June 25, 2015
Amazon celebrates last year of barely paying British taxes by barely paying British taxes
by Alex Shephard
Amazon UK recorded £5.3bn in sales last year—a 14% increase in revenue compared to 2013—but paid only £11.9m in taxes (or “tax” as it is known in the UK). In 2012, Amazon UK paid only £2.4m in taxes on ~£4bn in sales.
Amazon has been able to keep its UK tax bill low for years by funneling its business through Luxembourg, where taxes are much lower. Amazon customers in the UK technically purchase goods from Amazon Europe Holding Technologies, which is based in Luxembourg; the orders are then fulfilled by Amazon UK, which keeps costs down. According to The Bookseller “Amazon’s UK turnover was just under £680m in the year to 31st December 2014, up from just under £450m the year before.” Amazon UK’s tax bill reflects fulfillment, as well as “warehousing, distribution, and administrative work, such as negotiating purchasing deals with book publishers, but not sales.”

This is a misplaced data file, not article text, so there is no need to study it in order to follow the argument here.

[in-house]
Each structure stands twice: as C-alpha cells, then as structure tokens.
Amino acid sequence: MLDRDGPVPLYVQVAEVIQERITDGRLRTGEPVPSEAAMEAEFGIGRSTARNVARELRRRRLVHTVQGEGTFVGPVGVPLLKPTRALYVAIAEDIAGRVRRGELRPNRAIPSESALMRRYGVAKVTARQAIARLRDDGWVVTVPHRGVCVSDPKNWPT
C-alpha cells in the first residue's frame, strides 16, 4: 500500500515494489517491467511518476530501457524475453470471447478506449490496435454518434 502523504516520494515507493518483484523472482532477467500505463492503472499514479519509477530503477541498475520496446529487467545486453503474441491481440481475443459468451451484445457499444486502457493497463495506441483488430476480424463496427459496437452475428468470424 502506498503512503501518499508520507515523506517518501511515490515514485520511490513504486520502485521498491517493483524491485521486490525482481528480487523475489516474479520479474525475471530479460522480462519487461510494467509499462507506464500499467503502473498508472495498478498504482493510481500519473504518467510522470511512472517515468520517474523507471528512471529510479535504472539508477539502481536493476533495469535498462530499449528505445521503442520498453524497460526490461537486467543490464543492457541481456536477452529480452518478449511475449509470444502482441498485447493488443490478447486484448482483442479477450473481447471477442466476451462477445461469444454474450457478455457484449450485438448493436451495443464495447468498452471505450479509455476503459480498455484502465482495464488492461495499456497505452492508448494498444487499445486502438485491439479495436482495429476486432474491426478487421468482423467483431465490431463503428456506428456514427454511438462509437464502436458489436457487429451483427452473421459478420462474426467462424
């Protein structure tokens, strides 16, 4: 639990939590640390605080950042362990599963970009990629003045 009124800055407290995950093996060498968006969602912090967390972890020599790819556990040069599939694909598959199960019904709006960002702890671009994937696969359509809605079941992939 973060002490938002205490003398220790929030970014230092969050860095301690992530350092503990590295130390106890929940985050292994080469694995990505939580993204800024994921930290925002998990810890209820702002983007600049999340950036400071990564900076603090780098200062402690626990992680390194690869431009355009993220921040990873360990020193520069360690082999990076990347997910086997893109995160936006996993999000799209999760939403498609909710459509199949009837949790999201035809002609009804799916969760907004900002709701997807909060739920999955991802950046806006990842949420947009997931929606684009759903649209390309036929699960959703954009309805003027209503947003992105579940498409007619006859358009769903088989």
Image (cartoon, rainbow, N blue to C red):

Amazon had funneled its EU business through Luxembourg for years, but ceased exploiting the loopholes on May 1 of this year in response to the UK’s “Google Tax,” which is meant to punish American megacorporations who avoid paying taxes and an EU inquiry. The announcement, which was made in late-May, was a surprise and it was welcomed by many inside and outside of the publishing industry—booksellers, unsurprisingly, were especially please, in part because they had helped lead the fight against tax avoidance in the UK. Amazon also stopped funneling its business in Germany, Italy, and Spain through Luxembourg on May 1.
Amazon will undoubtedly pay a higher tax bill in the UK next year, but it’s an open question as to how high that bill will be. The UK has its own tax loopholes, of course, and now that Amazon’s tax strategies are less dodgy, it may receive more grants from the UK government. According to The Bookseller, “the retailer received £1.8m in government grants last year, according to the document, often used to subsidise UK warehouses—a figure 14% higher than in 2013.”
It’s unclear how Amazon celebrated its last (hopefully) comically small tax bill. But maybe they didn’t celebrate at all—barely paying taxes is its own reward.
Alex Shephard is the director of digital media for Melville House, and a former bookseller.